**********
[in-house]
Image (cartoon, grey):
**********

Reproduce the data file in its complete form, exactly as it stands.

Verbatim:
[in-house]
Image (cartoon, grey):